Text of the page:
@Ben and SmartThings team, congrats on all your hard work paying off. PLEASE don’t let this acquisition ruin SmartThings. There is a lot of potential with this and the community is great.
Thank you for the kind words!
We’re all very excited for what’s coming. We’re heads down with the same goal we’ve always had - to be the most open and amazing platform for your home.
Sorry, I am just not excited about this. I offer below some direct quotes from Marc Shedroff, Vice-President of Samsung’s Open Innovation Center.
“we think there’s an opportunity to acquire small teams, fit them into Samsung, and have them build products as part of the company”
“Unlike a traditional accelerator, these small entities are internal startups. The people who join the accelerator are exclusively funded by Samsung, but we keep them separate from the big company, both geographically and organizationally. That way they can continue to build products the way they would if they were a five- or six-person startup. Ultimately, we want those products to get integrated into the big company: Samsung.”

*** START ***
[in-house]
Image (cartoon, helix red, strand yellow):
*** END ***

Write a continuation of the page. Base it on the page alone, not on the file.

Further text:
“we give them the benefits of a big company, which provides financial support, extensive distribution, and other resources. After all, we sell 450 million phones a year and 50 million TVs. The end result, we hope, will be game-changing software products that can connect all of our devices.”
“One of the things that we hope the Open Innovation Center can do is help get us into the fabric of Silicon Valley, and, hopefully, over time, bring some of that culture back to Korea”
“we have a set of people who work at OIC and have a relationship with the developers and leading startups all over Silicon Valley to bring these startups onto our platforms, like Gear, or to work closely together to create entirely new, integrated experiences for our devices.”